Expert failings

A fire had caused substantial damage to the insured vessel. Owners claimed the ship was a Constructive Total Loss (“CTL”) alleging the cost of repairing her was in excess of her insured value. The insurers rejected this claim alleging that the vessel was capable of economic repair. The vessel was scrapped and the dispute was solely as to the amount the insurers were obliged to pay out under the policy.

At an early stage the owners made an offer to settle the claim by accepting US$1,136,000 plus their legal costs. The underwriters did not accept the offer and litigation was commenced by the owners.

The consultants were appointed by the insurers to provide expert advice/evidence on what it would have cost to repair the vessel.

On accepting the engagement, the consultants were provided with considerable documentation. This included two independent quotations from Chinese shipyards on the cost of repairs and some calculations from the builder of the vessel that indicated the steel weight for the accommodation block was 312 tonnes.

The consultants issued a report, advising that the vessel was not a CTL.

The report was based on the quotes from the two shipyards and the steel weight the insurers had obtained from the ship builder.

In due course the owners served the report of their technical expert. This had been prepared using a different methodology (a “new-build approach”) to the one adopted by the consultants. The owners’ report contrasted significantly with the consultants’ one in using an estimated steel weight total of 542 tonnes to repair the accommodation block and concluded that the total cost of repairing the vessel was US$6m. A figure that would have made the vessel a CTL.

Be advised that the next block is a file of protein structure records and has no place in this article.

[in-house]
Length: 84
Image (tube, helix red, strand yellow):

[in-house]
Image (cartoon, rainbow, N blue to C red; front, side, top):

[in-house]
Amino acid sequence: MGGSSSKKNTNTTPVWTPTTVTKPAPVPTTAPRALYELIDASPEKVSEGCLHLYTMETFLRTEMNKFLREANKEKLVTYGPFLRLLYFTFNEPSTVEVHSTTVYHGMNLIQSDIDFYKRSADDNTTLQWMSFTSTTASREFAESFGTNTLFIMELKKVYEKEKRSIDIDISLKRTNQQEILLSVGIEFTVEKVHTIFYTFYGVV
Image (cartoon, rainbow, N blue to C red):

Following a joint experts’ meeting, at which there was considerable disagreement between the experts, the underwriter’s counsel asked the consultants to prepare their own steel weight calculations (inclusive of the accommodation block) in order to rebut the owners’ report. Drawing from their own calculations, the consultants concluded that the ship builder’s initial steel weight figure was, in fact, inaccurate and that the cost of repairing the vessel was circa US$3.9m in excess of the total insured value.

On the basis of the consultants’ new advice underwriters settled the proceedings with owners for US$1.3 million plus the owners’ costs.

Underwriters then commenced proceedings against the consultants on the basis that they had been negligent in not properly reviewing the shipyard quotes. The underwriters claimed that, had they been properly advised, they would have been able to settle for a lower amount at an earlier stage. This would have reduced both their own costs and their liability for the owners’ costs.

The consultants pointed out that the underwriters had rejected the owners’ earlier offer before they were engaged. They had relied on the figures provided by the underwriters and it was not until after the joint experts’ report that they were asked to make their own assessment.

The matter was settled at mediation. A feature of the dispute was that there was no document specifying what the consultants had been engaged to do. A large number of disputes involving consultants and other advisers would be avoided if the scope of work is clearly defined beforehand. See ITC’s terms and conditions.

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